# Problem Deriving Expected Sufficient Statistic

Any exponential family distribution can be expressed as $$p(x|\theta) = g(\theta) f(x) e^{\phi(\theta)^T T(x)} = f(x) e^{\phi(\theta)^T T(x) - A(\theta)}$$ where $$A(\theta) = -\log{g(\theta)}$$.

We know that this integrates to 1 since it's a valid pdf:

$$\int f(x) e^{\phi(\theta)^T T(x) - A(\theta)} dx = 1$$

The expected value of the sufficient statistic is obtained by differentiating both sides with respect to $$\theta$$. Assuming this is a parameter vector, we will need a vector derivative:

\begin{align} \frac{\partial}{\partial \theta_i} \int f(x) e^{\phi(\theta)^T T(x) - A(\theta)} dx &= \frac{\partial}{\partial \theta_i} (1) \\ \int \frac{\partial}{\partial \theta_i} [ f(x) e^{\phi(\theta)^T T(x) - A(\theta)}] dx &= 0 \\ \int p(x|\theta) \left[ \frac{\partial \phi(\theta)^T}{\partial \theta_i} T(x) - \frac{\partial A(\theta)}{\partial \theta_i } \right] dx &= 0 \\ \nabla_i \phi(\theta)^T \int p(x|\theta) T(x) dx - \nabla_i A(\theta) \int p(x|\theta) dx &= 0 \\ \nabla_i \phi(\theta)^T E \left[ T(x) \right] - \nabla_i A(\theta) &= 0\end{align}

But this is not quite correct since the first term is a scalar (dot product between two vectors?) and the second term is a vector.

The expectation should be the vector i.e. I should have something like $$E[T(x)]_i$$ with the vector index $$i$$ on the expected value. What has gone wrong?

I think (but not sure) that the answer should be $$E[T(x)]_i = \frac{1}{\phi'(\theta)} \nabla_iA(\theta)$$

## 1 Answer

Let $$\theta \in \Theta \subset \mathbb R^m$$ and $$\phi : \Theta \to \mathbb R^d$$ so $$T(x) \in \mathbb R^d$$ too. I'll use without proof the fact that differentiation and integration can be exchanged for exponential families.

First I'm going to treat this as a natural exponential family and see what happens (this is like if $$\phi$$ is just the identity function). I'll use $$\theta$$ as the parameter so right now I have $$p(x|\theta) = \exp(\theta^TT(x) - A(\theta))f(x)$$.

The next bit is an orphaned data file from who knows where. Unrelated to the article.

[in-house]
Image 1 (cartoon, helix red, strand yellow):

In this case the differentiation is easy and we have $$0 = \int p(x|\theta) \left[T_j(x) - \nabla _jA(\theta)\right]\,\text dx$$ so $$\nabla A(\theta) = \text E(T(X)).$$

So if you're content to work with $$\phi := \phi(\theta)$$ as the parameter, then this is a tidy result.

Now I'll consider what happens if $$m = d = 1$$ to build our intuition for the general case. We'll have $$0 = \int p(x|\theta)\left[T(x) \cdot \phi'(\theta) - A'(\theta) \right]\,\text dx \\ \implies \text E(T(X)) \cdot \phi'(\theta) = A'(\theta)$$ so $$\text E(T(X)) = \frac{A'(\theta)}{\phi'(\theta)}$$ as you thought.

But the situation is more complicated if $$m,d > 1$$. The derivates in particular are more complicated because now $$\phi$$ is vector-valued so we'll get a matrix of first derivatives.

We need $$\frac{\partial}{\partial \theta_j} \phi(\theta)^TT(x).$$ Writing this as a sum, we have $$\frac{\partial}{\partial \theta_j} \phi(\theta)^TT(x) = \sum_{i=1}^d T_i(x) \frac{\partial}{\partial \theta_j}\phi_i(\theta).$$ $$\phi : \Theta\to\mathbb R^d$$ with $$\Theta\subset\mathbb R^m$$ so for each component we have $$\phi_i : \Theta\to\mathbb R$$ with $$i=1,\dots,d$$. Each $$\phi_i$$ is just a typical scalar-valued function so $$\frac{\partial}{\partial \theta_j} \phi_i = (\nabla \phi_i)_j$$.

I'll collect these gradients into a matrix $$\Phi(\theta) \in \mathbb R^{m\times d}$$ where $$\Phi(\theta) = \left[\begin{array}{c|c|c|c}\nabla \phi_1(\theta) & \nabla \phi_2(\theta) & \cdots & \nabla \phi_d(\theta)\end{array} \right].$$

This means $$\frac{\partial}{\partial \theta_j}\phi_i(\theta) = \Phi(\theta)_{ji}$$ so $$\frac{\partial}{\partial \theta_j} \phi(\theta)^TT(x) = \left(\Phi(\theta)T(x)\right)_j.$$

All together this means $$\mathbf 0 = \int p(x|\theta) \left[ \Phi(\theta)T(x) - \nabla A(\theta) \right] \,\text dx \\ \implies \Phi(\theta)\text E [T(X)] = \nabla A(\theta)$$ which is a linear system that we're trying to solve for $$\text E [T(X)]$$. The dimensions in question and the specific properties of $$\phi$$ now will determine how many solutions this system has.